Sample Chapter for James Patterson Co-writing Contest

Sample Chapter for James Patterson Co-writing Contest

Check out the sample chapter I’m submitting for the James Patterson Co-writing Contest! I’m really excited about this story, and so impatient to get the whole thing out there. The submission deadline is tomorrow, and I’m doing the final tweaks tonight, so if you have any feedback (which I would LOVE), be sure to submit it in the comments ASAP!

Thanks again for all the support!

The chapter I’m submitting is the second chapter, when the main character, Charlie, has just come home from a week-long business trip to find someone else living there.

Your house?” Charlie sputtered. Her fear was subsiding, and in its place she felt a rising wave of righteous anger. “This is my house. I’ve lived here for the past ten years. Where are my things? Where’s my husband? Where are my children?

The last words came out in a breathy scream, as the fear came back and squeezed her guts. Where were her kids? The world was so big, and if she couldn’t count on finding them in her home, if other people were in her home, then where could they be? Where in the wide, wide world could they be? This man, he was in her house, he must know something –

The man had stopped stalking down the stairs. His expression softened, from outrage into something approaching sympathy.

“Is your husband’s name Jason?”

“Yes! Jason Maddox!” Relief flooded her. This was some weird mistake. He knew her husband. “How do you know him? Are you a client? Where is he?”

The man was looking at her, surprised. “I bought the house from him. I just closed last week and got moved in. You didn’t know -” The confusion in his face cleared up a bit, the sympathy returning. “Oh, are you going through a divorce? You didn’t know he was selling the house? I’m real sorry you’re finding out like this.”

Charlie was floored. And outraged. “A divorce? No. My husband and I are very happily married, thank you. Something else must be going on here. This is our dream home. We are raising our children here. He wouldn’t just move, and not tell me.” The words sounded crazy as soon as she spoke them. Move, and not tell me. “We’re happy!”

“Lady, I hate to break it to you, but you are obviously not as happily married as you thought. I never met your husband, but I started looking at this house three months ago, and I’m not sure how long it was on the market before that, but this has been in the works for at least that long. I’ve had an appraiser come out, and a home inspector, all on different days. It’s not exactly a spur of the moment purchase.”

“I want to see them.”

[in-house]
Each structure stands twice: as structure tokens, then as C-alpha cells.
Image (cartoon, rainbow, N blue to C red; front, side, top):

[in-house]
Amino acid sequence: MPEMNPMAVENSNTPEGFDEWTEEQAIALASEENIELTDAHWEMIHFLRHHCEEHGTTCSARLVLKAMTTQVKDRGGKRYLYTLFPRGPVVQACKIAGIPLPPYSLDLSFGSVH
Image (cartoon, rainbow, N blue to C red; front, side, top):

“What? What do you mean? See what?” The man stared at her as if she wasn’t making any sense.

“The closing documents. If you bought my house, you’ll have the papers to prove it.”

He stared at her for a moment, and she suddenly realized that her most immediate concern might not be her missing family. She was alone, in a secluded house, with a stranger. And a large, muscle-bound stranger, at that. She took a step back nervously in the direction of the front door, ready to bolt if he tried to come closer.

The stranger could see her sudden fear of him. He said, slowly, “I understand. You walk in and find a stranger in your house, and you can’t just take his word. I’m not going to come closer to you. I’m going to go to the office and get the paperwork. You can stay by the door.” Without waiting for her to reply, he walked steadily to the glass-paned french doors of the office and disappeared inside. Years ago, when she and Jason had been house-hunting, flushed with the giddiness of newlyweds, that beautiful, wood paneled library had filled her with a different kind of passion: to buy this house, at its extraordinarily undervalued price, and turn it into a home.

He returned and handed her a legal-sized vinyl envelope, thick with papers. She opened it, and quickly leafed through. She noted a page with her address on it, and felt faint. When she saw Jason’s signature on one of the pages midway through, she stuffed the papers back in the package and handed it back to the man.

“Mr. -” Charlie didn’t know the name of the man living in her house. She looked at him questioningly.

“Hyde. Jack Hyde.”

“Mr. Hyde. I’m going to call my husband, get this figured out.”

“Call me Jack. That sounds like a good idea. Please, have a seat in the living room. Can I get you something to drink?”

Charlie realized she was parched, from her long trip and from the panic that was sucking her dry. “Some water would be perfect. Thank you.”

As he wandered off to the kitchen – MY kitchen, she thought – she pulled out her cell phone and hit the icon to call Jason. She knew this was a misunderstanding. She couldn’t think of how this had happened, or why, but she knew that as soon as she spoke to Jason, he would explain everything. She was angry, and scared, but she also knew she would forgive him as soon as he expl-

“The subscriber you have dialed is not in service. If you feel you have received this message in error please hang up and try your call again later.”

Charlie’s mind went blank as her phone slipped from her hand, and all she could feel was the confusion and anxiety of the past ten minutes explode into full blown terror, racing from her heart, through her blood, filling every nook and cranny of her body with icy heat. Her stomach clenched with nausea, and her head felt like it was packed with cotton.

She couldn’t breathe. What was going on? Where was her family, oh, God, her kids!

Jack walked in, water glass in hand. When she didn’t immediately take the offered glass, he set it on the coffee table and looked at her. She was breathing heavily, in the throes of a panic attack; she registered his presence, but it meant nothing. He was just part of the background roar accompanying the terrible hammering beat in her head.